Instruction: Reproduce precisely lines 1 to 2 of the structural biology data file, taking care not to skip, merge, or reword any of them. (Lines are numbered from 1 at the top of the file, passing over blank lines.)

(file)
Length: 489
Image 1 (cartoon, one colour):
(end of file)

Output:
Length: 489
Image 1 (cartoon, one colour):